It’s almost as if the industry exists in a paradox. There’s a limitless freedom that comes from a blank page or empty stage, yet difference or ‘an alternative’ continues to be something that has to be negotiated, perched on the periphery, vying for an opportunity to impact on the broader cultural landscape.

Why?

What better arena, than one that is defined by creativity, to affect this change?

I’m not speaking about being prescriptive, ticking boxes, or rolling out statements about equality and diversity, but enacting tangible change; shifting the emphasis from the traditional to the imaginative, taking greater risks and stepping into the unknown, in terms of both narratives and casting decisions. Not to court controversy, or secure funding, but for the simple fact that it makes for more interesting and varied work, which ultimately comes to define a culture.

The Cultural Olympiad was a hugely significant moment, the Unlimited Festival in particular, which provided a platform for disability-led work was striking. Why isn’t that moment, a lasting and defining marker of our cultural landscape?

Obviously the question of subsidy and how and where it is allocated plays a role in this conversation, but that’s for another platform.  But I will say this, with subsidy comes responsibility: that is a responsibility to respond to the life beyond the walls of the theatre. Every theatre and cultural institution should resist insularity and aim for a kind of fluidity with the outside world.

So how do we develop audiences?

By coming back to the idea of inspiration. The digital explosion has certainly changed the way we speak about theatre, speak to audiences, and even see theatre, but we mustn’t get complacent, or leave the digital world to single-handedly do the job of reaching new audiences. Nothing can replace that first moment of awe and excitement, which as we’ve seen can be as simple as a piece of raw fish landing on a shoulder. We should be constantly looking to invite the novice into the theatre, the person who may not come from a tradition of attending the theatre, but has a claim on the cultural institutions, which make up the city.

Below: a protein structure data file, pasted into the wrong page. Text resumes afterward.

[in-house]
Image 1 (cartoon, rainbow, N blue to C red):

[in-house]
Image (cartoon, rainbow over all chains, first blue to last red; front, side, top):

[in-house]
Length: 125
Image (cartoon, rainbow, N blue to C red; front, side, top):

We need to open up the buildings, de-mystify the experience of going to the theatre and remove any assumptions about both the theatre, and what shows certain communities want to see, because minority groups are not homogenous.

We need to step outside the theatre and proactively forge relationships with alternative networks and the communities, who exist outside the walls. In short, engage, start a conversation. That conversation might lead to a moment of inspiration, and spark a passion and desire to return or venture further afield. It’s time theatres became creative about the ways of reaching out, and ultimately sharing ownership of a theatre building.

Stepping outside a theatre and into a community is an approach that does work. To use an example, at the press night for Peckham the Soap Opera at the Royal Court, I spoke to a gentleman beside me and it soon emerged that this was his first visit to the Royal Court Theatre. I asked what prompted this visit, and it was as simple as him seeing the production at the Bussey Building in Peckham, where he lived, and deciding to venture forth to experience it at the Royal Court. It’s about engagement.

Exposure is also key. I often meet people who are intrigued by the theatre, who have never visited the theatre, or whose point of reference might only be the big West End numbers, and are often unaware of the work that exists off West End. They’re interested, and want to explore. The London audience is there, it just needs to be tapped into and drawn into the theatre.

Going back to the original question, we’ve inherited a cultural heritage to be proud of. Traditions and the past proffer an education, the opportunity to re-imagine and experience yesteryear anew, but surely a greater legacy lies in innovation, in affecting change; using the essence and freedom of an art form to see and experience the world anew. If we can begin by at least reflecting the world around us, imagine the possibilities thereafter?

I’m going to leave you with this final thought: If not now, when?

Amardeep Sohi